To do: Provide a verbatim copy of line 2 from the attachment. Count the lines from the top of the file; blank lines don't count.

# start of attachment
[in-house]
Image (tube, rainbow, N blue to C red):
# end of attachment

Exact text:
Image (tube, rainbow, N blue to C red):